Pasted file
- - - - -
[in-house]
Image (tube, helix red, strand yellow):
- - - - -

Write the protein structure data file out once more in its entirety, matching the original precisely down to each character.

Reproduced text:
[in-house]
Image (tube, helix red, strand yellow):